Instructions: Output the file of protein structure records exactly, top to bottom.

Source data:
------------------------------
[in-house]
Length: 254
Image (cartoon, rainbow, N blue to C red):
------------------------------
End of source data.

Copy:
[in-house]
Length: 254
Image (cartoon, rainbow, N blue to C red):